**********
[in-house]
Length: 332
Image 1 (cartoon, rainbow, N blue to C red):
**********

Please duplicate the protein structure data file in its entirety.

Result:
[in-house]
Length: 332
Image 1 (cartoon, rainbow, N blue to C red):